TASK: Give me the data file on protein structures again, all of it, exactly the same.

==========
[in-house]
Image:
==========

[in-house]
Image: